The Canadian Wildlife Federation is continuing to do research on the threats faced by Right Whales, and we’re also encouraging the Canadian public to educate themselves. CWF created The Watch program which will inform citizens what to do if they happen upon a marine mammal – dead or alive.
The more we all know, the better.
The Government of Canada has made it mandatory for fisheries to report interactions with marine mammals. There will also be much more surveillance this summer – planes, gliders and boats will be surveying the Atlantic coast on the lookout for Right Whales. Dalhousie’s WHaLE program, which CWF has helped support over the years, will also be continuing. This year, there will be three gliders in the water continuously for three months. These gliders will be searching for whales, including the Right Whale, in the Gulf of St. Lawrence and the Roseway Basin. This year the WHaLE program will also begin detecting and recording the presence of Blue Whales!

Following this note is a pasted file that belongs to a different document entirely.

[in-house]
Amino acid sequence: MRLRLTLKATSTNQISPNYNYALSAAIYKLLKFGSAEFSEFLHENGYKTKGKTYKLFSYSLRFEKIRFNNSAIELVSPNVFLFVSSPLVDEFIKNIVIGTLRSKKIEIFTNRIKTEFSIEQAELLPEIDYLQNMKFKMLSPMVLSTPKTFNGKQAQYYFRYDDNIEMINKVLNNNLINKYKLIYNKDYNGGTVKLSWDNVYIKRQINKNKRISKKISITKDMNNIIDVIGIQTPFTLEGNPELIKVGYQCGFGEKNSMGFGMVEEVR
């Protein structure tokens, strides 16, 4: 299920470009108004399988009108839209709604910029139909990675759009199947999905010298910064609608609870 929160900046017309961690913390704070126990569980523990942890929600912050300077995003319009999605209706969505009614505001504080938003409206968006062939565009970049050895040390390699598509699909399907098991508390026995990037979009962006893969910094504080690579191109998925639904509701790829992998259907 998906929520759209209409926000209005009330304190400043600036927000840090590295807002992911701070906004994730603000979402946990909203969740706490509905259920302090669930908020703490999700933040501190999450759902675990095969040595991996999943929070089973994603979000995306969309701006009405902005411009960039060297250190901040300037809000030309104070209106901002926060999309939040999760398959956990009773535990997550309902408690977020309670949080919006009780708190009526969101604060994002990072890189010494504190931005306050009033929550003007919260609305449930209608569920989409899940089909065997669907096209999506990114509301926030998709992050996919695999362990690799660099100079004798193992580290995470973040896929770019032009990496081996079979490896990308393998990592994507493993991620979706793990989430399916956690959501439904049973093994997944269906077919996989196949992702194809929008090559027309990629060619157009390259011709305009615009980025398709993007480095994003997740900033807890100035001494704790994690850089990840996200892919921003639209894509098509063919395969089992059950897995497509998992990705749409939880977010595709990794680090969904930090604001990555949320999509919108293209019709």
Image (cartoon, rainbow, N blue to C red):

Rescue and Response
The Government introduced a new Marine Mammal Response Program and also gave specialists the green light to disentangle Right Whales once again. As such, the regional response groups that make up the Canadian Marine Animal Response Alliance will be hard at work this year, disentangling all types of whales where possible, and should the worst happen and we lose more Right Whales, they will have access to more resources for necropsies.